Signs: The most common symptom is scooting i.e. dragging of the bum on the floor, carpet or grass. Other causes of scooting can include intestinal parasites, infection of the skin around the anus, and allergies. 

Here are the common signs associated with anal sac problems in cats and dogs:

  • Frequent scooting of the rear end
  • Licking or biting at base of the tail
  • Licking or biting of the anal region
  • Discomfort or difficulty in defecation
  • Vocalization while producing stools
  • Blood on surface of feces and/or around the anus
  • Chasing the tail
  • Tail between the legs


As we do not know why some pets get anal sac problems while others don’t, there are no known prevention tips. Being aware of these little structures and the symptoms associated with the problem is usually adequate. If your pet suffers from such symptoms, talking to your veterinarian will help assess the need for a treatment of the anal sacs. Groomers are usually quite adept at emptying anal sacs as well, once your vet has identified the problem.

By pursuing timely treatment, increased pain or discomfort and chance of infection can be prevented. If anal sac infection is noted, treatment of the infection may need to be pursued by your veterinarian.

Treatment and Relief

Anal sac impactions can be resolved by manually expressing the anal sacs by gently squeezing or milking out the blocked material from the anal sac duct and the sac itself. The problem can be recurring in some pets and they may need frequent anal sac expressions every few weeks. Other pets may need 1 or 2 anal sac expressions before recovering completely. The technique of anal gland expression usually does not determine the chance of recurrence.

The procedure is best left to professionals, as the pets’ hind end is a sensitive area, especially when symptoms are present. A trained vet professional holding the pet while another expresses the sacs makes the procedure safe for everyone involved, including your pet. Most pets do not like or tolerate the procedure being performed by one person. Some pet owners may learn to express the anal glands at home but it is advisable to learn and practice the procedure with your veterinarian before doing so, if you are so inclined. For pets with recurrent anal gland impactions or anal sacculitis, the timing of future expressions usually depends on monitoring for the specific symptoms they exhibit related to anal sac discomfort, which you can learn by simple observation of your pet.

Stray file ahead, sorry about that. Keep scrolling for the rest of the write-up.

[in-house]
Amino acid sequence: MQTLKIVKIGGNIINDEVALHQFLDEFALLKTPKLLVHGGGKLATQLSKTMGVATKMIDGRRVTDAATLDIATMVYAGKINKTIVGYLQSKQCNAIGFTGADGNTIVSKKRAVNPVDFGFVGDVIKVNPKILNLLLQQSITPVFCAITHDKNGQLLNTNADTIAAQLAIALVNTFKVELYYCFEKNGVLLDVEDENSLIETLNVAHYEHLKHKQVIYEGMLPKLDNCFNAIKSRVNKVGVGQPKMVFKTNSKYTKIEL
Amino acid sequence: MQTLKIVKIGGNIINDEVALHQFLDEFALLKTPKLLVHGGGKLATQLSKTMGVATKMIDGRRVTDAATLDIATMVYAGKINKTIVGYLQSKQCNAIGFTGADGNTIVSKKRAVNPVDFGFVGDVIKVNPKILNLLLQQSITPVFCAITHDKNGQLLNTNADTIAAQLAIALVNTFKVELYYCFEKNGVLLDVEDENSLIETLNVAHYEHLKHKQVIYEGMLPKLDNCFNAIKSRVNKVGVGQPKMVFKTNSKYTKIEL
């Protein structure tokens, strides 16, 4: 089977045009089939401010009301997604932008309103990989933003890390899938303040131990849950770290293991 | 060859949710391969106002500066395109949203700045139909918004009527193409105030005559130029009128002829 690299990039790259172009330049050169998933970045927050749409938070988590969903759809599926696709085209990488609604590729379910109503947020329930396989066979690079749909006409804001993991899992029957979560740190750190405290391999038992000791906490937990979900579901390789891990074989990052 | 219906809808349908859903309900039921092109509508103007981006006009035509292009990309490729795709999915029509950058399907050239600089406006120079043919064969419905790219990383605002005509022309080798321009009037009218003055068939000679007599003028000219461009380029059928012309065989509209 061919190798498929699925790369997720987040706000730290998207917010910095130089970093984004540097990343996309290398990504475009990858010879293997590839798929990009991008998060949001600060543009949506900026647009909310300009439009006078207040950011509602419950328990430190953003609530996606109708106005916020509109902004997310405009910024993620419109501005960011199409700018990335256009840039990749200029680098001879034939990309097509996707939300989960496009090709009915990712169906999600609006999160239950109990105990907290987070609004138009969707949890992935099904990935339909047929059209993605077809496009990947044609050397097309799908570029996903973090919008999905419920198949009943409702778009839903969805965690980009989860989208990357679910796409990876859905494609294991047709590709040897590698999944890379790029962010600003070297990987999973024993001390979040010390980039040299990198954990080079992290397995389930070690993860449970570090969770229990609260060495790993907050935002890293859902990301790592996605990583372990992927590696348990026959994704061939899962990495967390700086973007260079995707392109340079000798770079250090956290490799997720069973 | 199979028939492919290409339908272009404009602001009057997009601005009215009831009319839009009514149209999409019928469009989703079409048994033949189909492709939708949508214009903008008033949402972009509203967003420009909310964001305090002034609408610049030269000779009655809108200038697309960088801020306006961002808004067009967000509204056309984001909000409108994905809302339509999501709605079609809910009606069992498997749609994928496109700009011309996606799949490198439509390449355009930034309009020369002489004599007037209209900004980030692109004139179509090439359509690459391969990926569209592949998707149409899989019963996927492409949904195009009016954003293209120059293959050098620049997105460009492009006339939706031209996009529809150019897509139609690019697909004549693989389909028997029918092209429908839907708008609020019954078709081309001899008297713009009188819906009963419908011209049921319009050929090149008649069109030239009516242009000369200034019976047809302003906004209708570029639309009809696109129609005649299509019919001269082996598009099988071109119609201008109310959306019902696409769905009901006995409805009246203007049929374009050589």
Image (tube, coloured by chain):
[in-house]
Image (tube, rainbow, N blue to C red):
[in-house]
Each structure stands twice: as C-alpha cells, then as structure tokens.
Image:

Creative Commons Attribution: Permission is granted to repost this article in its entirety with credit to VetDERM Clinic and a clickable link back to this page.




Dr. Jangi Bajwa is a Board certified veterinary dermatologist at VetDERM Clinic in Surrey BC. He is also the dermatology feature editor for Canadian Veterinary Journal. Dr. Bajwa’s special interests include otitis and allergic disease in pets; as well as helping improve quality of life of pets and their families.